Foodfacts.com has learned that the two leading trade associations of mainstream American food and beverage manufacturers opened up a new front – literally – in the raging war over how they market their products to an obese nation this week. They have proposed an overhaul of how they place nutrition facts on the front of their packages.
It’s stirring some controversy, because the Food and Drug Administration is close to issuing new standards telling the manufacturers exactly how the government wants them to do that. Critics are unhappy that the groups apparently tried to pre-empt the federal advisory.
The Food Marketing Institute and the Grocery Manufacturers Association issued a joint statement saying they will unveil early next year their proposal for making nutrition information simple, clear and understandable on the front of packages using a “fact-based format.”
The groups’ proposed packaging would include information on “nutrient-dense” eating as well as on “shortfall nutrients” that are under-consumed in the diets of most Americans. The groups pledged to spend $50 million to explain the initiative to consumers.
“This is a landmark step forward in the industry’s commitment to help address the obesity challenge,” said David Mackay, president and chief executive officer of FMI member Kellogg Company.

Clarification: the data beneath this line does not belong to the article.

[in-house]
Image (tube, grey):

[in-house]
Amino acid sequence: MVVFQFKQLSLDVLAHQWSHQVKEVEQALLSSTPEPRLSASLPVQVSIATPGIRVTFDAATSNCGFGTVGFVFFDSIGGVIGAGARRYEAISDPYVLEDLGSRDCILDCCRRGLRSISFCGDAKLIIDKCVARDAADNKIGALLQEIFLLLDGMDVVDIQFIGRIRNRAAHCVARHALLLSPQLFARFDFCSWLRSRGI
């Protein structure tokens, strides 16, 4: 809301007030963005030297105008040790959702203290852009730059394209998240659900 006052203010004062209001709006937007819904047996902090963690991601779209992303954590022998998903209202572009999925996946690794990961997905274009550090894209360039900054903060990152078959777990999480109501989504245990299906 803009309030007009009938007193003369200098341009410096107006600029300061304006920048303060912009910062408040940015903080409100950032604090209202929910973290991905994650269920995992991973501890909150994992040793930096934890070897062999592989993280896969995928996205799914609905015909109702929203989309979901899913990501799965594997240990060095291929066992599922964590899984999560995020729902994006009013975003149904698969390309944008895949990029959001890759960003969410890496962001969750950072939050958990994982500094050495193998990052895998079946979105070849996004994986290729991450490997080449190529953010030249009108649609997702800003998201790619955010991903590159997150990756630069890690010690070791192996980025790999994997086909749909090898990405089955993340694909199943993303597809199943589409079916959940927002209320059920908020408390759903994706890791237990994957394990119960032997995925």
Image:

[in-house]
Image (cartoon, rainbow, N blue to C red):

“It represents the most significant change to food labels in the United States in nearly twenty years. And our commitment to an ambitious consumer education campaign will amplify the impact the labeling change will have in households across the country.”
But here’s the rub: Critics assert that the food-marketing groups only made this move in order to steal a march on the FDA, which is in the throes of coming up with its own recommendations on front-of-package labeling. Agency officials have said that the program would be voluntary, but manufacturers agreeing to comply would have to do some specific things.
It’s assumed that the FDA will take an approach similar to that of another U.S. government body, the Institute of Medicine, which recently recommended that the front of packages should focus on disclosing only calories, serving size, saturated fats, trans fats and sodium content because those measures address Americans’ most pressing food-related health problems and highlighting more nutrition facts that already are on the back of the label might overly clutter the front.
Food manufacturers naturally take exception to that approach because they want to be able to tout – even in simple form – the presence of body-boosting nutrients such as omega-3s, fiber, and added vitamins. FMI mentioned the 20,000 healthier product choices its members have developed and launched over the last several years. It’s also been conducting consumer research, such as the on-the-street interviews in the video (released in May) above.
Marion Nestle is unmoved. The food-studies and nutrition professor at New York University and blogger – known for her anti-industry views – fumed, “This move is all the evidence the FDA needs for mandatory (front-of-package) labels. GMA and FMI have just demonstrated that the food industry will not willingly label its processed foods .
Source: Brand Channel